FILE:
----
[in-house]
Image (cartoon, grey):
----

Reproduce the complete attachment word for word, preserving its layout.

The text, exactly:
[in-house]
Image (cartoon, grey):